Comment: “Todo lo que tiene sonidos oscuros tiene duende / All that has dark sounds has duende.” Federico García Lorca (1898-1936). García Lorca, an inspired and inspirational vocal performer, well understood those dark artistic powers that rise from a combination of earth, air, and fire to possess artists as they weave their magic, be it musical or verbal or a combination of both. Those who possess it know that they never really possess it, for it comes and goes with a will of its own and possesses them, body and soul, taking them over. Deus est in nobisit is the god within us, wrote the Romans with their understanding of the power of performance. And they are right. Those who possess it are changed by it, no longer know themselves, turn into something other than what they are and becoming something special. “Ah would some power the giftie gie us, to see ourselves as others see us” (Robert Burns). But what happens to us when the wondrous gift is taken away, when drab reality takes over from the glory of the stage, the spotlight, the performance of the play? That indeed is the question. And the answer varies with each of us.  I look with dismay on the comedians who, for one reason or another, when deprived of their audiences, have chosen the darkest of exits. The hollow shells of the performers who have given their all are sad things to behold. The existential emptiness that is left when the powers drain away is difficult to live with. That is why so many, faced with this darkness, akin to St. John of the Cross’ Noche Oscura del Alma / Dark Night of the Soul, chose not to live. That is not a choice that I will ever make. And I encourage all my friends to wait, to wait in patience and hope for the light, the glorious light and fire of the Duende, the Spirit that will return, will pluck us from the depths, and will raise us to the heights again.

Black Angel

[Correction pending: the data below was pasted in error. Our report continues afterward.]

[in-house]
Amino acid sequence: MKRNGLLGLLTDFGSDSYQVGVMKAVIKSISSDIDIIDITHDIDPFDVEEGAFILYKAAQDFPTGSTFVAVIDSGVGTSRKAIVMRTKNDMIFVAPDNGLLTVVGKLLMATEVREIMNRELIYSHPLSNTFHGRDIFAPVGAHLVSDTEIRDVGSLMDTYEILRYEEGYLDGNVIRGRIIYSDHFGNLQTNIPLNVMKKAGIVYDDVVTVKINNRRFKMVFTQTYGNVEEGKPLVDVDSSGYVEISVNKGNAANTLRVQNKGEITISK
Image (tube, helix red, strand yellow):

Black Angel

You cannot hide
when the black angel arrives
to knock on your door.

“Wait a minute!” you say,
“While I change my clothes
and comb my hair.”

But he is there before you,
in the clothes closet,
pulling your arm.

You move to the bathroom
to brush your teeth.

“Now!” says the angel.
Your eyes mist over.

You may know you are there,
but you can no longer see
your reflection in the mirror.


Comment: Another Golden Oldie from the same dusty manuscript (as if e-files could get dusty), but a little bit more sinister, this one. As long as you can see your reflection and as long as your shadow is still clipped to your heels when the sun shines, you are probably all right. A friend of mine had a nasty turn the other night. He woke up with cramp at 3 in the morning, got out of bed to stretch, blacked out while he was stretching, and came round on the bedroom floor an hour later. It took him 10 minutes to roll over, perform a push up, get onto his knees, crawl to the chair, and pull himself upright. He climbed back into bed and forgot all about it until it was time for him to get up the next morning. Then he lay there worrying until the forces of nature forced him to his feet. Now he says he’s fine … he might be. I checked his shadow and it’s still there and when I talked with him on Messenger, he’d managed to shave.


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In 1898, when Spain lost Cuba, they lost the last vestige of their world-wide Empire and were forced to turn back in on themselves. Miguel de Unamuno, along with other artists from the Generation of ’98, turned to the concept of intra-historiaHistoria / history means the great historical events, battles and conquests, kings and kingdoms (how male it all was!). Intra-historia / intra-history meant the every day lives that ordinary people led, lives that had remained basically unchanged for centuries, except when the men who made history rode through.